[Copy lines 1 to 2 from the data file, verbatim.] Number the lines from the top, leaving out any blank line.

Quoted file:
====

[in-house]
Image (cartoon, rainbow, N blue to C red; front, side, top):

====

[in-house]
Image (cartoon, rainbow, N blue to C red; front, side, top):